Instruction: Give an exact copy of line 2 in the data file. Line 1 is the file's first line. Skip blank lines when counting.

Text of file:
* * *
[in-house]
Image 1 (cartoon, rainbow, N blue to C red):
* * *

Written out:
Image 1 (cartoon, rainbow, N blue to C red):